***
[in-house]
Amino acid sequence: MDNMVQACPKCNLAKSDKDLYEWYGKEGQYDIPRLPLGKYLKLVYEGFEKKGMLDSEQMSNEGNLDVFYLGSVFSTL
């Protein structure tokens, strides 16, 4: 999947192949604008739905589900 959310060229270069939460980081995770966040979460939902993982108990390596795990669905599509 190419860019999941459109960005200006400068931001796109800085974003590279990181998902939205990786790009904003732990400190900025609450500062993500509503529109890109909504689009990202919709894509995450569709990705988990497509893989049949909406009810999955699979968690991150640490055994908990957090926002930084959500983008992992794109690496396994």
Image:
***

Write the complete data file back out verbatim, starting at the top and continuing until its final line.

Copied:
[in-house]
Amino acid sequence: MDNMVQACPKCNLAKSDKDLYEWYGKEGQYDIPRLPLGKYLKLVYEGFEKKGMLDSEQMSNEGNLDVFYLGSVFSTL
């Protein structure tokens, strides 16, 4: 999947192949604008739905589900 959310060229270069939460980081995770966040979460939902993982108990390596795990669905599509 190419860019999941459109960005200006400068931001796109800085974003590279990181998902939205990786790009904003732990400190900025609450500062993500509503529109890109909504689009990202919709894509995450569709990705988990497509893989049949909406009810999955699979968690991150640490055994908990957090926002930084959500983008992992794109690496396994």
Image: